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As Democratic President Joe Biden signs many executive orders in his first few months in office, many Republicans have rebuked him for issuing the presidential orders instead of relying on Congressional actions. That includes Iowa Gov. Kim Reynolds, who was critical of Biden’s April 7 order on gun control measures.
“There’s not been another president I don’t think in history that has implemented the number of executive orders that this president has implemented,” Reynolds said on WHO-AM 1040 radio April 8.
Pat Garrett, Reynolds’ spokesman, referred The Gazette to a Jan. 27 PolitiFact fact-check of a Jan. 22 video tweeted by U.S. Sen. Marco Rubio (R-Fla.).
Rubio said in the video that Biden “has issued more executive fiats than anyone in such a short period of time, ever, more than Obama, more than Trump, more than anyone.” PolitiFact said Rubio’s claim, which came two days after Biden’s inauguration, was true.
It cited data from the Office of the Federal Registrar that showed more executive orders — 17 — from Biden than former President Barack Obama’s two and former President Donald Trump’s one in his first two days in office.
Records are not as clear about executive orders from presidents before President Franklin D. Roosevelt. John Woolley, the co-director of the nonpartisan American Presidency Project at the University of California-Santa Barbara, told PolitiFact that previous presidents “simply did not charge into office as prepared for action” and likely did not issue as many orders as Biden in his first few days.
Reynolds did not give a specific time frame for her claim in the radio appearance. Garrett said in an email it was during “the early stages of his presidency.”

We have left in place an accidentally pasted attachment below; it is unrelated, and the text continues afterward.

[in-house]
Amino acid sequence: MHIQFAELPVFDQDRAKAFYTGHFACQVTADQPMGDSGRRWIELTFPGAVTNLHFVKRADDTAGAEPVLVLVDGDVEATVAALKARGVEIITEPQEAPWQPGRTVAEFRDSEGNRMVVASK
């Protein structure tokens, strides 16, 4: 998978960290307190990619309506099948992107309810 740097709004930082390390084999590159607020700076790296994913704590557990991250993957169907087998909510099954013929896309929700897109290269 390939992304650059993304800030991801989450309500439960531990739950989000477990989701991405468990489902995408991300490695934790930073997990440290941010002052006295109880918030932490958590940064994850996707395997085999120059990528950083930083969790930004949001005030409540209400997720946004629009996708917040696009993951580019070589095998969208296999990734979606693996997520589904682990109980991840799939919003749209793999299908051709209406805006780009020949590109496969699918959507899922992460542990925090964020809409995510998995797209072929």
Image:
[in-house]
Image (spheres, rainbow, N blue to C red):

While Reynolds’ claim would’ve been entirely correct in January, Biden’s pace of executive actions had slowed by the time Reynolds made the claim April 8 on the radio.
The American Presidency Project tracks the pace of executive actions from each president in their first 100 days, starting with FDR. For all of January and February, Biden outpaced all other presidents for “executive orders, memoranda and substantive proclamations.” But about 60 days into his presidency — before Reynolds’ April 8 comments — the pace of actions no longer exceeded FDR.
FDR had 3712 executive orders over about 12 years, which averages out to about 307 orders per year. He took office during the Great Depression and was in office for most of World War II.
The American Presidency Project also tracks “executive orders, memoranda and all proclamations,” which includes symbolic proclamations such as Biden declaring a National Public Health Week or National Volunteer Week.
When including those symbolic proclamations, Biden still has more executive actions than any of the presidents tracked.
While the exact timing of executive orders from presidents before FDR is murky, the American Presidency Project tracks executive orders per year for all 46 presidents.
Biden is at pace to ink 160 executive orders per year, according to the American Presidency Project’s data last updated April 20. Six presidents — Taft, Wilson, Harding, Coolidge, Hoover and Roosevelt — had more executive orders per year.
But Biden’s projected 160 executive orders per year is well above Trump’s 55 and Obama’s 35.
At one time, this claim would’ve gotten an A, but Reynolds’ information was outdated. Reynolds still is close, though. We give this claim a B.
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This Fact Checker was researched and written by John Steppe of The Gazette.